Reaction to the Court’s Opinion
I am not an EU lawyer, so I don’t plan to spend long addressing the merits of the Court’s decision. To a casual observer, the Court seemed to depart from its general approach that competence of the European Union to conclude international agreements on a particular topic necessarily entails the power to submit to the decisions of a court or body which is created or designated by such agreements as regards the interpretation and application of their provisions. From this, one might have assumed that if the European Union had competence over foreign direct investment, it would also have had competence to establish investor-state arbitration.
Without much explanation, the Court distinguished this case from the general rule on the basis that investor-state claims (unlike state-to-state claims) could be brought before the national courts of Member States, so the jurisdiction of such courts could not be removed without their consent. In doing so, the Court seemed to be reacting to the political controversy that has emerged about ISDS clauses, which often function as lightning rods for complaints about the excesses of economic globalisation. By giving Member States mixed competence to approve treaties containing ISDS clauses, the Court handed back power (and also responsibility) to these Member states.
The decision seemed political in another sense as well. International lawyers often have the impression that the European courts jealously guard their turf and their superiority. Here, the Court did not rule that ISDS was incompatible with EU law – that issue remains open. But by ruling that treaties with ISDS clauses were subject to mixed competence, the Court significantly reduced the chance of such clauses being included in future EU FTAs. In this way, the Court may have indirectly achieved the goal of limiting competition between European courts and international arbitral tribunals.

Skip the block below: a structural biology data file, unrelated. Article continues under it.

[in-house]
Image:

What does the Court’s Opinion mean for the future of EU FTAs?
I am not familiar with the ins and outs of EU voting laws and procedures, but it seems to me that the European Union would have at least four options in response to this ruling.
The first would be to keep going with negotiating broad, newer style FTAs and simply accept that these must be approved by both the European Union and the Member States as a matter of mixed competence. If the Court had found many issues to be subject to mixed competence, this might have been the obvious path. But it is less clear that this path would be followed now given that the Court ruled that the European Union had exclusive competence over everything except portfolio investments and ISDS. If these agreements are subject to mixed competence, then we can expect more drawn out and messy political fights of the kind the European Union witnessed last year when ratification of its Comprehensive Economic and Trade Agreement (CETA) with Canada was almost derailed by the objection of the regional government of Wallonia in Belgium.